In the archaeological record, there are no parallels to this Canaanite or Israelite sacred compound of the period, note the researchers. Research has revealed that the temple has a rich history steeped in conflict. Excavators determined that the temple was not only destroyed, but also desecrated. More intensive scientific analysis of the site, conducted by geoarchaeolgist Dr. Shawn Bubel of the University of Lethbridge in Alberta, Canada, has shown that the temple ruins were used as animal pens, maybe by the invading Philistines.

Power clash in Tel Beth-Shemesh

After ruling out the use of the site as a domestic structure, the researchers knew that they had found something unique. Excavations revealed almost only shards of painted chalices and goblets found spread on the floor but no traces of domestic use. One of the three flat stones was surrounded by animal bone remnants, and the two other stones were seemingly designed to direct liquids. These clues convinced Prof. Bunimovitz and Dr. Lederman that they had uncovered a likely place of sacred worship.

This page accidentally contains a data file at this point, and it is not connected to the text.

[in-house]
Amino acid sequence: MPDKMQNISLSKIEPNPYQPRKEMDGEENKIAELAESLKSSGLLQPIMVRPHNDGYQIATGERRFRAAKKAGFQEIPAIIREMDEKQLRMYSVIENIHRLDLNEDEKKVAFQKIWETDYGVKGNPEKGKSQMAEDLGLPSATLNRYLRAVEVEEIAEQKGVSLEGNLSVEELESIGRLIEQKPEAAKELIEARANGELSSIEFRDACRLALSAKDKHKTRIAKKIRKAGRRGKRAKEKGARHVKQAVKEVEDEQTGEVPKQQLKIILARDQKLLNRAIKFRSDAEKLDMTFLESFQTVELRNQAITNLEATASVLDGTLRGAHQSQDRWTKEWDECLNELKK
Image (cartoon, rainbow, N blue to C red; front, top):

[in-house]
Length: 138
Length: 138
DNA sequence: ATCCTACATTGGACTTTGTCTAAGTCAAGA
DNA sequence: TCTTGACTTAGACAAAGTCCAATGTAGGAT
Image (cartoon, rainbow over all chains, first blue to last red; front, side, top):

But the temple didn't remain sacred. Samples of earth taken from layers above the destroyed temple and analyzed at the Weizmann Institute of Science revealed astonishing results. Directly above the temple was a packed-in layer containing phytoliths (remains of weeds that are commonly eaten by livestock) and spherulites (microscopic remnants of manure produced by grass-eating animals), indicating the presence of animal pens directly on top of the sacred site, explains Prof. Bunimovitz. Intermittent burning in order to clean the pens likely resulted in the concentrated state of the layer.